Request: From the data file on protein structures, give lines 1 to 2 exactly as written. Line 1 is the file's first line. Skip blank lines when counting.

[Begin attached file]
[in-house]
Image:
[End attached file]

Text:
[in-house]
Image: